The gut microbiome of vertebrates is capable of numerous biotransformations of bile acids, which are responsible for intestinal lipid digestion and function as key nutrient-signaling molecules. The human liver produces bile acids from cholesterol predominantly in the A/B-<i>cis</i> orientation in which the sterol rings are "kinked", as well as small quantities of A/B-<i>trans</i> oriented "flat" stereoisomers known as "primary allo-bile acids". While the complex multi-step bile acid 7α-dehydroxylation pathway has been well-studied for conversion of "kinked" primary bile acids such as cholic acid (CA) and chenodeoxycholic acid (CDCA) to deoxycholic acid (DCA) and lithocholic acid (LCA), respectively, the enzymatic basis for the formation of "flat" stereoisomers allo-deoxycholic acid (allo-DCA) and allo-lithocholic acid (allo-LCA) by Firmicutes has remained unsolved for three decades. Here, we present a novel mechanism by which Firmicutes generate the "flat" bile acids allo-DCA and allo-LCA. The BaiA1 was shown to catalyze the final reduction from 3-oxo-allo-DCA to allo-DCA and 3-oxo-allo-LCA to allo-LCA. Phylogenetic and metagenomic analyses of human stool samples indicate that BaiP and BaiJ are encoded only in Firmicutes and differ from membrane-associated bile acid 5α-reductases recently reported in Bacteroidetes that indirectly generate allo-LCA from 3-oxo-Δ<sup>4</sup>-LCA. We further map the distribution of <i>baiP</i> and <i>baiJ</i> among Firmicutes in human metagenomes, demonstrating an increased abundance of the two genes in colorectal cancer (CRC) patients relative to healthy individuals.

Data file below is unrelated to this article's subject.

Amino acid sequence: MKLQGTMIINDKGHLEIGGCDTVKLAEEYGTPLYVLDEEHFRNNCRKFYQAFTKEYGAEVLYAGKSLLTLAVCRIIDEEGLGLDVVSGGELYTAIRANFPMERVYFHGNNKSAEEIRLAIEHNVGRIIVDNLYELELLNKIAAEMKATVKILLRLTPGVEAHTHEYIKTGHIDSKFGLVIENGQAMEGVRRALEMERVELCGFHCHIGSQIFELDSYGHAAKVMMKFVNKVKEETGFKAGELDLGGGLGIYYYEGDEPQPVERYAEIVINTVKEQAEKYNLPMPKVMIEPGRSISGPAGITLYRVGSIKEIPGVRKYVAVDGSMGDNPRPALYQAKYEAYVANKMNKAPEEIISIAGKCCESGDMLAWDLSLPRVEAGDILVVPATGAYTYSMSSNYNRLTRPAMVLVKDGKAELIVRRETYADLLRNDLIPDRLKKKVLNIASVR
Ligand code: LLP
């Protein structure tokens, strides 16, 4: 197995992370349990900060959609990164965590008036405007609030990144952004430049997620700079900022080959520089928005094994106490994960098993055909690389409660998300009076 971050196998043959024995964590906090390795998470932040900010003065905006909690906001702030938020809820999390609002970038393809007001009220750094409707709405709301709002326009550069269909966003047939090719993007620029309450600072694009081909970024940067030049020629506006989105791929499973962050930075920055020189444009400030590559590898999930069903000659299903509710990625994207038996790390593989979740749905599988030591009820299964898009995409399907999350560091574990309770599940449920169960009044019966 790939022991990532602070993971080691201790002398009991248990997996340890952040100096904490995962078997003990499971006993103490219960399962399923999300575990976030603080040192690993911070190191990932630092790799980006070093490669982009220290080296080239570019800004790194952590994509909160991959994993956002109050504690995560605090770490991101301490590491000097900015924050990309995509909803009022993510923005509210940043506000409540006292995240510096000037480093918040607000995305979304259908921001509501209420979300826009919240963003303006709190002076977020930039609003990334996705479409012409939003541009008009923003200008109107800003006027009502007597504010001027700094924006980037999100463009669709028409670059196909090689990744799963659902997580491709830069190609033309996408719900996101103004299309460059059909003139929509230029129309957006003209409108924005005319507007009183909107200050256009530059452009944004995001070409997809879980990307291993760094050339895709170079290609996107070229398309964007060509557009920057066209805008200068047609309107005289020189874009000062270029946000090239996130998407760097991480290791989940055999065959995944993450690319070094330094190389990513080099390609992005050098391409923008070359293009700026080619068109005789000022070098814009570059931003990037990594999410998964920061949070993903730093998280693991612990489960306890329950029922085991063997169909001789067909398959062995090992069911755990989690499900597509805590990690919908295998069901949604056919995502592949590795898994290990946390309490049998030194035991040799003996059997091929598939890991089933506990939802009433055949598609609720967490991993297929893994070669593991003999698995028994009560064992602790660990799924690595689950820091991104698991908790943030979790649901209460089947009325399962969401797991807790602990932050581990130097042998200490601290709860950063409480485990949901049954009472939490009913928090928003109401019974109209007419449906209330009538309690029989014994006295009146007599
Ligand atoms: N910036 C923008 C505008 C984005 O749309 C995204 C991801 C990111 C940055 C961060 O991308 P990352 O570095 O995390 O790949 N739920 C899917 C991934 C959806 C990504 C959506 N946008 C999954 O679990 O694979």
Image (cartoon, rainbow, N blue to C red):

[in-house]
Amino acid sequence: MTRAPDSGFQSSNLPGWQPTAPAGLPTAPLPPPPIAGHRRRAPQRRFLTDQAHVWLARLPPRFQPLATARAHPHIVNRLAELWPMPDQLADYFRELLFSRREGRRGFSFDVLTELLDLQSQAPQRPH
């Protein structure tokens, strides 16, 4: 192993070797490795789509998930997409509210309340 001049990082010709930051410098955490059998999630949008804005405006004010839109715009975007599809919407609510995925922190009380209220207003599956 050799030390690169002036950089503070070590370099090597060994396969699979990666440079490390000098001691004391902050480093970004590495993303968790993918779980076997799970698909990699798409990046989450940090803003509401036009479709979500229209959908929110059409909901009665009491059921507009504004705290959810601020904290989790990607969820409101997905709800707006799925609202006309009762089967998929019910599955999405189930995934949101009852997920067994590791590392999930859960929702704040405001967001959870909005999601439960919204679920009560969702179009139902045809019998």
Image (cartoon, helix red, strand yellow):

Keywords: Firmicutes; Secondary allo-bile acids; bile acid 5α-reductases; bile acid dehydroxylation; colorectal cancer.